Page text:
What Is Aiding and Abetting?

by Erin Wallace
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Getaway drivers and double-dog-darers beware: “Aiding and abetting” a crime is a crime in and of itself.

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What Is the Legal Definition of Aiding and Abetting?

The legal definition of aiding and abetting, according to the Legal Information Institute at Cornell Law School, is “to assist someone in committing or to encourage someone to commit a crime.” Generally speaking, the person accused of aiding and abetting can be held to the same legal standards as the person who committed the crime.

In the United States, aiding and abetting can occur with federal or state crimes. Most states allow for criminal prosecution of people who help someone else commit a crime, but legal definitions of aiding and abetting vary by state.

Someone charged as an accomplice in a crime may not be present when the crime is committed. However, they may have had knowledge of the crime either before or after it happened. Someone charged with aiding and abetting may have provided financial support, offered advice or helped with certain actions that led to the crime being committed.

Example of Aiding and Abetting

Consider this example to help you understand the concept of being an accessory to a crime: Say Bob plans to rob a clothing store, which in all states is considered a crime. Bob’s friend Carter draws up a detailed map of the store that notes where any safes are, where the most expensive merchandise is and where entrances and exits are. He does this knowing that Bob plans to rob the store. After the crime is committed, Bob’s other friend, Bonnie, stores any stolen money or merchandise at her house or at a storage facility she’s renting in her name.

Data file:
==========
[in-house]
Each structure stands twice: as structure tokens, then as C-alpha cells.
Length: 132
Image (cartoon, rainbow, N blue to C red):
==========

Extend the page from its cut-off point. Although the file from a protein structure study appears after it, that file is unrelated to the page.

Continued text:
In this simple example, Carter may be charged with aiding and abetting in the robbing of the bank, and Bonnie could be charged as an accessory to the crime. Carter helped by drawing a detailed map, and Bonnie helped in the aftermath by storing the money. They both can face criminal charges in this situation, as can Bob.

The short answer is yes, aiding and abetting is a crime. However, its specific definition and other legal nuances vary by state, and those definitions are different from the concept of these crimes at the federal level.

When someone is charged with a crime, there are generally two phases. The first phase is when a jury decides if there's enough evidence to convict the person or persons of a crime. The second phase is the sentencing phase, which is when consequences are administered.

According to FindLaw, at the federal level, when someone is being prosecuted for aiding and abetting, the prosecution has to prove beyond a reasonable doubt that:

  • A crime was committed
  • The accused person intentionally “aided, counseled, commanded, induced or procured the person committing the crime”
  • The accused “acted with intent to facilitate the crime”
  • The accused “acted before the crime was completed”

The standards for prosecuting someone who’s being charged as an accessory after the crime has been committed may be different.

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What Are the Consequences?

The consequences vary by state, type of crime and what the jury and judge ultimately decide. Consequences are also different at the federal level versus the state level. In general, the punishment for aiding and abetting may be similar to, and potentially less severe than, the sentence received by the principal offender, or the person who actually committed the crime.

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The eLocal Editorial Team operates independently of eLocal USA's marketing and sales decisions.

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